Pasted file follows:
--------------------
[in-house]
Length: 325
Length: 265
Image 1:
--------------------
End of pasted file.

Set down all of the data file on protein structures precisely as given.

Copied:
[in-house]
Length: 325
Length: 265
Image 1: